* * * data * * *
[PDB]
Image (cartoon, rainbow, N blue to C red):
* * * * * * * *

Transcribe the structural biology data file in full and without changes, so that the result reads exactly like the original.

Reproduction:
[PDB]
Image (cartoon, rainbow, N blue to C red):